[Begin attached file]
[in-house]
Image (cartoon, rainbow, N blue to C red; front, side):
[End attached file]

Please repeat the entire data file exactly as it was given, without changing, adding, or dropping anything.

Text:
[in-house]
Image (cartoon, rainbow, N blue to C red; front, side):